Problems with funding new charter schools led to a moratorium on new approvals in New Hampshire last September, but lawmakers are moving quickly to fix the problem. Danielle Curtis, in the Nashua Telegraph, reports that Rep. Ralph Boehm of Litchfield and two other members of the House Education Committee have proposed a bill that will lift the moratorium.
"The need is there for these schools," said Rep. Boehm. His bill would commit the state to funding all approved charter schools, without imposing any limit on the number of approvals.
Last year, the Department of Education sent an inaccurate report of projected charter school enrollment to the Legislature. Spending was limited to 110% of the amount appropriated to charter schools. As an unintended consequence, approving new schools grew more difficult and led to the September freeze on new approvals.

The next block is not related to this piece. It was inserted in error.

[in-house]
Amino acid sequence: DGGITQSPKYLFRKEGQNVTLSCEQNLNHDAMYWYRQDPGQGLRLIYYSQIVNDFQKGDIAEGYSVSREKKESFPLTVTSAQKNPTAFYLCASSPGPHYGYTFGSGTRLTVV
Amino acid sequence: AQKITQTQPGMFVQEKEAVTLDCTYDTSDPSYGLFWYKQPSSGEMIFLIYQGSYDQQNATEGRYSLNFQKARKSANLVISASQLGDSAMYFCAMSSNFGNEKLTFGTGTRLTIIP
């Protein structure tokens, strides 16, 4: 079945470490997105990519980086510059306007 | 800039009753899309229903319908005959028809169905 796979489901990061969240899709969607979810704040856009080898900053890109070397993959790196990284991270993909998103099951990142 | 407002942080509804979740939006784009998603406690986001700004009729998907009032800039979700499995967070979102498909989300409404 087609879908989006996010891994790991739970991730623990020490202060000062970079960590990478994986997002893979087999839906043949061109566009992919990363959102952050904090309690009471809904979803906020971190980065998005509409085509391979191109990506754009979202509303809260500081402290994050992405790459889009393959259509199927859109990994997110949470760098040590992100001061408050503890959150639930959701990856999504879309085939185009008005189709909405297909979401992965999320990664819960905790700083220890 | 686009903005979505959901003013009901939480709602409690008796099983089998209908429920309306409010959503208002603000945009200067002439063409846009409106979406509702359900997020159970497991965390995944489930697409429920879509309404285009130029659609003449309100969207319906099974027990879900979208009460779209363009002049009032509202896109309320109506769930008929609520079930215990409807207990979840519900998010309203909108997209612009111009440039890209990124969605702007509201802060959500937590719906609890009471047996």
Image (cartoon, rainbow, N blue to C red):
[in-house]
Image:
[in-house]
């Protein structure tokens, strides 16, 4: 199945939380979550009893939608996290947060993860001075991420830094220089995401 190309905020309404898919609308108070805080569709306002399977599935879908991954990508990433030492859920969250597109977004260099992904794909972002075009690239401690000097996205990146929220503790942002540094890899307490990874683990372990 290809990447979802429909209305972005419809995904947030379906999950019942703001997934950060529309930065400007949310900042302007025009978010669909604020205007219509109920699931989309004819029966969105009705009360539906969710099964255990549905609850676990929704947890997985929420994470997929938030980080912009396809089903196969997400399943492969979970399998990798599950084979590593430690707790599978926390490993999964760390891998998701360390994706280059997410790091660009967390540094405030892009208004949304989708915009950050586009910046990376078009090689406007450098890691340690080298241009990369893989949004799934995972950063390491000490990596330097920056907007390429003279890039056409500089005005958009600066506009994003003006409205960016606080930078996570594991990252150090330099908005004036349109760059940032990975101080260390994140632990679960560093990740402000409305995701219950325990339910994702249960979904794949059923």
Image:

The new bill would require that the "amount necessary to fund chartered public school tuition payments â¦ is hereby appropriated to the department from the education trust fund established. The education trust fund shall be used to satisfy the state's obligation under this paragraph."
The bill places no limits on charter school spending because, in theory, spending follows a student rather than being attached to a school. If more students enroll in a charter school, its funding should increase. Perhaps for this reason, Boehm reports that there is strong support for the bill in the Education Committee.
Even so, the bill is not likely to become law until summer, so new charter schools may not be able to open in the fall of 2013. Among the applicants is a charter school in Nashua; Gate City Charter School for the Arts will have to watch and hope for the best.